Dry Conditions – 85%
Wet Conditions – 90%
Snow – 80%
Comfort – 85%
Noise Reduction – 80%
Durability – 85%
The General Altimax RT45 promises the world. Released in July 2022, this all-season touring tire claims to offer class-leading wet braking distances and wear levels. A flatter contour, which mitigates edge wear for matchless longevity, is also touted as a game-changer.
Many drivers still aren’t interested. Not because they don’t trust General or the tire lineup. Quite the contrary. The Altimax family is one of the brand’s most popular, as proven by the RT43, which is still on the market even though it was released a decade ago.
Why, then, you may ask, is the Altimax RT45 not getting universal acceptance? Blame its predecessor. The Altimax RT43 is so good drivers feel no successor can match its performance levels and durability. Not at least one that costs as reasonably as the Altimax RT45.
Does that mean you shouldn’t upgrade from the RT43? Not so fast. As this guide will show, the RT45 delivers on all the areas that made its previous version a driver favorite. On top of that, it features significant improvements in wear, durability, and wet grip.
Our comprehensive General Altimax RT45 review has more.
- Superb wet performance
- Up to 75,000-nile treadwear warranty
- Stays useful in mild wintry conditions
- Slightly noisy than competition
The Features of the General Altimax RT45
Several features help the Altimax RT45 rank among premium all-season tires.
Start with the all-season tread compound. Together with the asymmetric tread pattern (the part of the tire that hugs the road), the compound ensures excellent dry, wet, and winter traction. In doing so, it helps the RT45 stay useful 365 days a year.
Then there are the large circumferential grooves lining its tread. These channels are designed to eliminate water quickly and effectively in wet situations. If they can do their job half as good as General claims, you won’t have to worry about aquaplaning.
Next comes updates to its contour. They help the RT45 evenly distribute the pressure forces your vehicle will subject it to. The result? 10% improvement in wear over the RT 43 (General’s words, not mine) and significantly longer tread life than RT43.
Speaking of tread life, General backs this tire with 60,000 to 75,000-mile tread life guarantees (depending on size). This tells me that an average American driver – one who covers 15,000 miles a year – should expect to get at least 4 years from it.
Now let’s put all the above claims to the test.
General Altimax RT45 in Dry Conditions
The Altimax RT43 performs decently on dry roads.
This means you are able to brake, accelerate and corner without slipping. All these characteristics are vital for quick lane changes as well as to avoid accidents. Plus, the feeling that this tire gives of being connected to the road will make you feel secure in the driving seat.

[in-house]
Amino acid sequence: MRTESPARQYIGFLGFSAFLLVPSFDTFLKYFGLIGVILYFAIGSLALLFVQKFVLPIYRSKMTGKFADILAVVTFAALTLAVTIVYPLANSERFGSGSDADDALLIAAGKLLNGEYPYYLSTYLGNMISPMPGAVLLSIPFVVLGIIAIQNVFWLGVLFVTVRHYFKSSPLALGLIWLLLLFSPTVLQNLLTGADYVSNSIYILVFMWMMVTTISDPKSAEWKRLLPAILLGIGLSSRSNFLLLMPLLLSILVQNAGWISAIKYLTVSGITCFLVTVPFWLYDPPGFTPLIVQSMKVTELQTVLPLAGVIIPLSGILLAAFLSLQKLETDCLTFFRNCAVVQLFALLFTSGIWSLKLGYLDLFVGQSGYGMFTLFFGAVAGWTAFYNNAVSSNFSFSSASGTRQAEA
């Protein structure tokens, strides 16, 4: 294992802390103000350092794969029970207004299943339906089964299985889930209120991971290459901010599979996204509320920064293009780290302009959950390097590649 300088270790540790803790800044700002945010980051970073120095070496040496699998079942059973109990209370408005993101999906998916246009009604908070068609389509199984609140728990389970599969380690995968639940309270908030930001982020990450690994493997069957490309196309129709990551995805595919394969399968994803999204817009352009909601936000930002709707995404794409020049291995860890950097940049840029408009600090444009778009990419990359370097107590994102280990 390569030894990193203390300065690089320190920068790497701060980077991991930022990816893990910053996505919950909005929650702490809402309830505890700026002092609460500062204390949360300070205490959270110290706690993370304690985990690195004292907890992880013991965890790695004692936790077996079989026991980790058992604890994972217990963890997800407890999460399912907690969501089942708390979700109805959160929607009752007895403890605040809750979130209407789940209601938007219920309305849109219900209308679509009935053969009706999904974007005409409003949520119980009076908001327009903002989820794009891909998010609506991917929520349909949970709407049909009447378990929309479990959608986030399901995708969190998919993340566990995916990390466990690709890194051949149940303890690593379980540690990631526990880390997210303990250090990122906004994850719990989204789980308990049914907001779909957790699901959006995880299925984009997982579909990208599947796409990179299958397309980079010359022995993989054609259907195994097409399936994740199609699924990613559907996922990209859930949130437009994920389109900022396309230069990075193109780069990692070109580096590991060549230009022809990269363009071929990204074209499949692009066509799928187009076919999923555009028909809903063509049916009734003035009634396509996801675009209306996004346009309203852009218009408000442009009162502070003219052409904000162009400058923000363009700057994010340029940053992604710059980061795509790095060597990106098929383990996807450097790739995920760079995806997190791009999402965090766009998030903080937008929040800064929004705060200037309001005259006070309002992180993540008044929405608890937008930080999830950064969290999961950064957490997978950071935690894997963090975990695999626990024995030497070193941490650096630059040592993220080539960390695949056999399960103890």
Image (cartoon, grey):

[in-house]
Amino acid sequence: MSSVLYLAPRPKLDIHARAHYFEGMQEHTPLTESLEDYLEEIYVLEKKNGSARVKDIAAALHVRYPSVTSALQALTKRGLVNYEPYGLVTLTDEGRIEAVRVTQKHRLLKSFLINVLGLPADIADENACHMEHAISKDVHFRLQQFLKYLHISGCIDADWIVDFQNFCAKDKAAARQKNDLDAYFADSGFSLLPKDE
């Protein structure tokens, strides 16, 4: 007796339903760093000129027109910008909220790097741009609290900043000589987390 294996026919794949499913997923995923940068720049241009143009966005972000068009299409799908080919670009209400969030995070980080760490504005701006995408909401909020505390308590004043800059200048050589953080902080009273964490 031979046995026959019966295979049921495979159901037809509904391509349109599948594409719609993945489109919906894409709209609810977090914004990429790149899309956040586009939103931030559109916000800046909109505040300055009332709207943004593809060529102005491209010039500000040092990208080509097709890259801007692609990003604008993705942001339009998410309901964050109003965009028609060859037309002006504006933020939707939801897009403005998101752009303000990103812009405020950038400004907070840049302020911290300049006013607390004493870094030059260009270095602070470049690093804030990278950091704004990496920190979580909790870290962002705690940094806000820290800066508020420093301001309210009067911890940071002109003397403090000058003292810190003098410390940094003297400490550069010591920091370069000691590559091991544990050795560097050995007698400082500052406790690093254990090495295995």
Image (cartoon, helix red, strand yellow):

Straight-line tracking is pretty good, too. As long as the roads aren’t broken or winding, you can leave the steering for a few seconds without worrying about unwanted lane changes. Also, it responds proactively to steering inputs to allow for quick and precise handling.
All the above qualities indicate a good balance between grip and wear resistance. Which may disappoint you if you intend to win races with this tire. But if you want a tire that won’t wear out too quickly, the Altimax RT45 won’t make you question your decision-making skills.
General Altimax RT45 on Wet or Slippery Roads
This tire’s wet performance is much better than that of the Altimax RT43.
How can I be so sure of that? Three reasons. The first of which is that its wet braking distances are notably shorter than those of its previous version. Even when you’re driving through standing water, a sudden application of brakes will make it come to a halt.
Another reason I trust it to do much better than on wet roads is that its aquaplaning resistance is much higher. I’m not saying that the RT43 slipped and skidded on wet roads (it didn’t). Yet, having used both, I’d felt more confident driving the RT45 in the rain.
The final factor that should make this tire your go-to- choice for driving on slippery surfaces is that it comes with more sipes than its previous version. As such, you can expect it to provide you with better control over your vehicle on wet roads.
General Altimax RT45 in Snow
The Altimax RT45 offers optimal traction on snow, especially for an all-season tire.
On light snow, its open shoulder slots and grooves combine in the same way they do on rainwater. Luckily, the result is also the same. As long as you aren’t pushing this model to its limits, you’d experience very few scenarios where chains would be needed for added traction.